Tweeds, a division of Hanover Direct in Edgewater, N.J., increased it sock offerings for fall from two styles to six styles. For the first time, socks are featured on a full page opposite a full page of tights. Before, the categories were combined on one page.
Fall sock sales are running 40 percent ahead of last year and the annual sales gain should exceed that figure, boosted by holiday business, according to Lisa Bertha, product manager for accessories and shoes.
A two-pair pack of patterned trouser socks at $15, a two-pair pack of rag socks at $15 and a single pair of merino wool blend knee-highs at $12 are among the best-selling items.
Shipping fees are $4.95 on orders of less than $40, and vary from $7.95 to $14.95 for orders ranging from $40 to more than $300.
Most customers order socks to coordinate with the catalog's ready-to-wear, Bertha said.Talbots offers socks to complement its ready-to-wear and sportswear.
Kathy Staab, vice president, said catalog sock sales have increased by a single-digit percentage in the past year.
"Our whole concept is to wardrobe the customer," she said. "Socks are an add-on purchase. If a woman buys a pair of shoes or pants, she'll pick up the socks to go with it."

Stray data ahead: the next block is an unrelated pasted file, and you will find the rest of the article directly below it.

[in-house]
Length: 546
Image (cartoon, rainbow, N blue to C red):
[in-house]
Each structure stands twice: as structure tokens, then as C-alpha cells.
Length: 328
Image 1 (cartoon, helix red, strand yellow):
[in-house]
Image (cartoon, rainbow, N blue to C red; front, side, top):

Socks retail from $7 for basic private label crew socks to $14 for luxury fiber-blend socks. Private label novelty socks, such as a $9 harvest motif and Halloween-inspired trouser socks currently offered in the fall catalog, have been ringing up sales.
Ribbed socks and cable socks are popular styles, Staab said.
More than 59 million consumers received Talbots' catalog in 1994, but this year's circulation will drop slightly due to increases in paper and postage costs. Talbots' mail-order customers who regularly place orders and make substantial purchases were given priority when the company reduced its circulation.
Despite the reduced circulation, Talbots expects mail-order sales to continue to climb, she said.
J. Crew offers 10 styles of socks, ranging in length from foot socks to thigh-highs. All are sold in single-pair packs except foot socks, sold in two-pair packs.
Shipping and handling fees vary from $4.90 for orders $25 and less, to $9.90 for orders of more than $175.01.
Socks sales are "slightly ahead" of last year, according to a company spokeswoman. Foot socks in a cotton and nylon blend at $5 and foulard cotton and nylon crew-length socks at $10 are the best-selling items.
In the months ahead, the company plans to introduce more colors to its assortment.
Danskin Inc. is still testing the direct-mail market. In conjunction with Hanover Direct, the company is marketing a catalog called "Stance" for irregulars under its Danskin legwear and its licensed Round the Clock hosiery names. Having doubled its circulation since the catalog was tested earlier this year, Danskin plans to send it to 4 million consumers in February, according to Mary Ann Domuracki, president.
"More people buy for convenience now. Shopping for socks and hosiery is not women's favorite shopping experience," she said. "It's a real growth area."